This non-profit is defending weak communities from the consequences of local weather change with AI

AI to the rescue

“We didn’t have another instance of AI being used to tag roof types to forecast damage due to hurricanes. In addition, there was no readily available training data,” says Tina Sederholm, a senior program supervisor within the AI for Good Research Lab at Microsoft, who led the challenge with information scientists.

“From a technical standpoint too, it was difficult because there is no urban planning in areas that we were targeting, and the population was so dense that it was difficult to first differentiate individual houses and categorize them accurately based on their roof type. But we built a machine learning model to counter these problems,” explains Md Nasir, a knowledge scientist and researcher within the AI for Good Research Lab.

To create the much-needed coaching information, Gramener, with its experience in geospatial options, stepped in to ship a scalable answer. Its information scientists accessed excessive decision satellite tv for pc imagery and manually tagged greater than 50,000 homes to categorise their roofs underneath seven classes relying on the fabric used to assemble them.

“We wanted to identify the building footprint and distinguish between two houses distinctly. But informal settlements do not often have well defined boundaries and they are generally the worst impacted in any disaster,” says Sumedh Ghatage, a knowledge scientist from Gramener, who labored on constructing the AI mannequin. “Secondly, as the geographical location changes, the types of roofs change as well. But we wanted to identify all kinds of roofs, to ensure the final model could be deployed in any region.”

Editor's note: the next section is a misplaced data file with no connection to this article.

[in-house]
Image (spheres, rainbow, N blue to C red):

This shaped the idea of the coaching information Nasir required. After making an attempt a couple of completely different strategies, his last mannequin might establish roofs with an accuracy of practically 90%. But that was only the start.

an image that shows how the AI model identified roof types
After making an attempt a couple of completely different strategies, the ultimate AI mannequin might establish roof varieties from satellite tv for pc imagery with an accuracy of practically 90%

“Apart from roofs, we considered nearly a dozen critical parameters that determine the overall impact cyclones would have on a house,” says Kaustubh Jagtap from Gramener, who led the information consulting bits for the challenge. “For example, if a house is closer to a water body, it would be more likely to be impacted due to a cyclone-induced flood. Or if the area around the house is covered by concrete, the water won’t percolate into the soil below and odds of water logging and flooding would be higher.”

The staff at Gramener then added different layers to the mannequin. The alignment of all of the completely different layers together with street networks, proximity to water our bodies, elevation profiles, vegetation, amongst others was a tedious process. Gramener created an Azure machine studying pipeline, which robotically captures the information and produces threat rating profiles for each home.

It took about 4 months for the Sunny Lives mannequin to turn out to be a actuality and it was piloted throughout cyclones that hit southern Indian states of Tamil Nadu and Kerala in 2020. But it was throughout Cyclone Yaas in May this yr that it was deployed at scale.